Read time – 3 minutes
Vicky bears all about her recent wildlife adventure in Canada’s great outdoors hotspot, British Columbia…
“CAUTION: BEAR IN AREA” proclaims the yellow and blue sign on the jetty. The boat’s engine is cut. We drift full of anticipation. I am not the only one scanning the forest ahead, half expecting a family of bears as a reception committee.
A two-hour motorboat journey through the gunmetal Bute Inlet has brought us to the start of our Grizzly bear pilgrimage. A 4WD vehicle takes us to the heart of the valley, where a wooden observation platform stands on the shingle bank of the Orford River.
From the tower there’s a clear view upstream: the shallow ice-blue water pitched against a backdrop of Giant Firs and towering mountains. In places the river seethes with the darting movements of salmon.
Grizzly Bear Encounter
Suddenly a Grizzly bear and her young cub appear. Scanning the scene she makes measured movements towards the edge of the river, her cub in tow. Once in the water, she’s swift and focused, pouncing to take a fish with one swipe of her paw. Her cub is much less dexterous.
Poised on the bank of the river, he reaches in and dabs a salmon with his sharp claws, petting it and jumping back in surprise as it flaps in front of him. His playful demeanour and curiosity are infectious; the object of his game clearly for fun, not food! Although unaware at this young age, he is slowly honing his hunting skills.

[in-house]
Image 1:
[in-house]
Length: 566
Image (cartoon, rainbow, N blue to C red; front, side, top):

After half an hour at the table, bathroom and spa, the bears make their way upstream towards the cover of the forest. We wait patiently for them to reappear, registering every movement amongst the trees. Back on the boat, we talk excitedly about how precious this wildlife encounter has been with a mother and cub. Our appetites have been whetted; we all want more.
Whale Watching in Canada
It’s not long before a call comes over the radio, alerting our captain to a pod of 11 Orca whales. Putting bears on hold we head south. Whilst whale watching two days previously we’d seen several Grey whales together and two Orcas, so a pod of 11 is headline news.
As we round the inlet, a huge spray shoots out from the water and is carried downwind, illuminated by the sunlight. Smaller clusters of spume shoot behind, like a domino effect in the water. The distinctive black and white markings are unescapably Orcas and they twist and turn, moving gracefully along the edge of the shoreline. I find myself transfixed; in awe of nature for the second time that afternoon.
How else could this boat ride finish than with some frolicking cetaceans? After the whales submerge, a huge group of Pacific white-sided dolphins swim shotgun to the boat, flaunting their streamlined bodies as they dance and jump in and out of the bow wave.
This barely believable sight has a fairy-tale ending as the pod turns west, their acrobatics framed against a burnished sunset. Whales & Bears of British Columbia
View our tours below and go whale and bear watching in Canada’s Great Outdoors.